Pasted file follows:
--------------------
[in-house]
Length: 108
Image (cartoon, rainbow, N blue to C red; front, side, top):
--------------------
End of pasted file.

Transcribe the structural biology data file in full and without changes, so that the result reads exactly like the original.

[in-house]
Length: 108
Image (cartoon, rainbow, N blue to C red; front, side, top):